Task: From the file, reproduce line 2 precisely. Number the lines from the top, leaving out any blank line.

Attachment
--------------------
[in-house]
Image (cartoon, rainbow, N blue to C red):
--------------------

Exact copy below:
Image (cartoon, rainbow, N blue to C red):